Kids Corner


Not Through The Stomach:
Religious Fasting is Prohibited in Sikhism




The presence of Guru Granth Sahib and its message of universal fraternity of the human race and ultimate destination of oneness with the Supreme Being, imparts an unparalleled serenity and contentment on its disciple.

When I hear Hamza Yusuf deliver the Friday Kutbah in a nearby masjid, bow my head for a Jewish Hallel, listen to chants of the Om-mantar in a mandir … I see each as another form of reverence to the Almighty, but each one of these experiences leave me searching for more.

A few days ago I was invited by a Muslim friend to join her community in a fundraising Fast-a-Thon for Ramadan, where participants fast for a day and a local business donates a certain amount of money for each person fasting, to a charity or masjid. I acquiesced and signed up, happy to help with their efforts for daan (charity), or as they call it, zakat.

On the day of the Fast-a-Thon, I joined the Muslim brothers and sisters before dawn and ate Sehri (the pre-dawn meal) and respectfully stood behind them as they performed their Fajr prayer. I barely made it through the day without any water or food. In the evening, I attended the evening event where I broke my fast with Muslims and other non-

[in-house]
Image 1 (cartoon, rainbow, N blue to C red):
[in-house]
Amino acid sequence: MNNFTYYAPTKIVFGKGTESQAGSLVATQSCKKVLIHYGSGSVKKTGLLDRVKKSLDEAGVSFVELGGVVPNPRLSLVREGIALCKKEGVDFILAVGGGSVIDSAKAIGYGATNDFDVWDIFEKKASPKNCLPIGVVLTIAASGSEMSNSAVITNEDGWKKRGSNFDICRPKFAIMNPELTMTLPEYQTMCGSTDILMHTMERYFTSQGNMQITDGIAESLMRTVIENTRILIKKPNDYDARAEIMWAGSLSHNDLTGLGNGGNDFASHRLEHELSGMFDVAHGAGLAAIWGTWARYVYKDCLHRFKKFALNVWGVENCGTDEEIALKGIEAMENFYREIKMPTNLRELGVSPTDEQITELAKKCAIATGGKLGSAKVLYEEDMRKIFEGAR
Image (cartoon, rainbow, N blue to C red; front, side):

During this dinner, a young man stood up and gave a discourse on the significance of the fast in the Islamic context. He spoke of sacrifice, of forgiveness, of guidance, and of remembrance of Allah … all concepts shared with Sikhi.

However, when I spoke with him after dinner, he asked me a key question: “Fasting is actively practiced in every religion on this planet. People starve to death every day. There is lack of water in places. Fasting is the ultimate humbling experience. It helps us in our spiritual journey and takes us closer to God. Why doesn’t your faith call for you to sacrifice your daily wants for at least one day?”

This barrage of pronouncements and a question at the end left me nearly speechless and with no satisfactory answer. I left the gathering with a heavy heart and unanswered questions.

It ended up, however, becoming an opportunity to contemplate, reflect, explore and learn.